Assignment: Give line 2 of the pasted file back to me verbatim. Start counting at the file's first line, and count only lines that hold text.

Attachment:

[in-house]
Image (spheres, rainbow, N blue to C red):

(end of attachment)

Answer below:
Image (spheres, rainbow, N blue to C red):